What to look for, what to ask for
OSG’s core business revolves around delivering cutting edge, industrial strength enterprise platforms for our customers. Whether they are built from scratch (a Genesis project) or a significant refresh / rework (a Rescue project), we find that there are some repeating aspects of systems that last.
If your company has infrastructure that may no longer provide the solutions to your problems (or may be breeding its own problems), here are some guidelines to consider when defining a replacement or next generation platform:
Be simple enough on a conceptual level that a moderately skilled developer can successfully create or consume services
Many companies love to reach for high concept software and systems, hoping to prove “we are just as smart at Apple (or insert tech leader name here)”. The truth of the matter is that all but a handful of business operate systems as an adjunct to their core business; it automates work and lowers cost of doing business. This means that either the staff is horribly over-tasked, or under-skilled.
Guide the business to redevelop business logic away from the mainframe / packaged systems
OSG continues to encounter large amounts of core business logic running on CICS systems, or closed vendor solutions. It’s recognized that it’s almost impossible to beat a mainframe for I/O performance and total system throughput, it’s easier to change the software to meet an evolving business climate if it’s been rebuilt in a modern language on a flexible, virtualized platform. Part of achieving this is a clear and understandable path to translate business logic into service components hosted in the new platform rather than continuing to extend the mainframe.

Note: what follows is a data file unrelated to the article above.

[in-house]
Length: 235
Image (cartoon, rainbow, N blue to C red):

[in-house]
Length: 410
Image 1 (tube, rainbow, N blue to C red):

Provide for dependency isolation
Dependencies such as messaging, persistence, core processors (and others) must be isolated behind facades and their specific data formats abstracted away from core logic. Think about the last five years, how many times have you encountered “the” technology that was going to revolutionize everything we do in IT? Clearly this trend will not slow, it is therefore important that a new platform be able to incorporate these fleeting technical targets without disrupting the core work, or the operational business capabilities.
Be modular enough to encompass a heterogeneous operational environment – this includes a mix of internal and external cloud and virtualized host platforms
Some of the fastest rate of change today is around the evolution of cloud-based systems and their application in enterprise IT. For most companies, the strategic direction is likely to be aligned with some manner of cloud-based hosting, any new platform must be able to support a variety of hosting strategies with little or no change to the underlying software.